Startups like those in the 2017 NMotion Accelerator cohort often refine their product or do a complete pivot during the program. Rich Kronfeld, Founder and CEO of Minnesota-based Kronfeld Motors, doesn’t expect that to happen to him.
“I think I know what the product is going to be, it’s not going to change that much,” he said. “The early customer base is what it’s going to be.”
The product is the Raht Racer, a three-wheeled autocycle that combines an electric motor with human pedal power designed to reach speeds of 90 mph or more.
“It’s technically an electric motorcycle, it has that level of parts rather than bicycle parts,” Kronfeld said. “It’s a highway vehicle, accelerates fast. Pedaling regenerates the battery.”
The pedals are connected to a generator instead of the drive train, giving the operator flexibility in deciding how hard to pedal. The amount of battery regeneration varies by speed.
“If you’re going 65, the percentage you contribute is less than if you’re going 25,” Kronfeld said. “Compared to any other kind of highway vehicle, it would be very efficient because of the pedal regen function.”
A grant from the State of Minnesota funded development of the first prototype, which was finished in 2013. But the idea to turn it into a business came a couple of years later.
“I had a day job so I really didn’t start putting time into it to turn it into a business until 2015,” Kronfeld said. “It was all about building this thing that hasn’t been built before.”
“We were a finalist at the Clean Energy Trust Challenge in Chicago and a semi-finalist for the Minnesota Cup,” Kronfeld said. “There’s always been a lot of interest in it. When we first put it out there, we got a lot of good press.”
Kronfeld Motors was recruited to the NMotion program by Program Manager Keevin O’Rourke. Kronfeld feels the sense of community and focus among the teams in the cohort is a valuable part of the experience.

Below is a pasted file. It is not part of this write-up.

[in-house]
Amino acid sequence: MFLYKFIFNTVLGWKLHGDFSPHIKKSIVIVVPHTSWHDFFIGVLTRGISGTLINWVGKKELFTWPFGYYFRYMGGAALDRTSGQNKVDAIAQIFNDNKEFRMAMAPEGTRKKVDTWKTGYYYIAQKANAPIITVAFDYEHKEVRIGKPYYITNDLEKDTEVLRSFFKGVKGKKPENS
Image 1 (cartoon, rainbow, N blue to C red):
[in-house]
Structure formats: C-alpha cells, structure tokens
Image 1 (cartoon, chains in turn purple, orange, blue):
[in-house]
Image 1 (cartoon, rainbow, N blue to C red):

“I’m really impressed by the other teams,” Kronfeld said. “They’re young, focused, driven, none of them are posers or full of themselves.”
The commitment of NMotion staff is also very apparent.
“The staff is good, they really, honestly care,” Kronfeld said. “They’re putting everything into it, working as hard as we are to make this the best experience for all the teams.”
With the product definition clear, what does Kronfeld hope to accomplish through NMotion?
“The challenging thing for me is that nothing new has happened since we rolled it out,” he said. “We need to re-engage with people who are interested and the world in general to let them know we’re working on it.”
Rahtmobile’s target market includes car and power sports enthusiasts.
“It’s a person that’s into vehicles, into cool, might own a Tesla, sports car or jet ski,” Kronfeld said. “I envision it as this innovative new power sport, with a high tech quality to it that will appeal to that demographic. Ultimately I want it to be something commuters use.”
Kronfeld is realistic about the challenges.
“There will be skepticism, and we have to overcome that,” he said. “There have been other projects in this vein that have flopped or turned out to be semi-fraudulent.”
Innovation such as this doesn’t come easy. But there’s still the cool factor.
“When you pedal it, you go as fast as a car, like you have Iron Man legs,” Kronfeld said. “This is the car Tony Stark would build.”
Rod Armstrong is Vice President of Strategic Partnerships for AIM in Lincoln, Nebraska. He is a regular contributor to Silicon Prairie News.